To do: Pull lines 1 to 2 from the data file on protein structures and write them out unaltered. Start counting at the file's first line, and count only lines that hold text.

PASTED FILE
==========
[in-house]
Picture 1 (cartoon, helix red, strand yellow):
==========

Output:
[in-house]
Picture 1 (cartoon, helix red, strand yellow):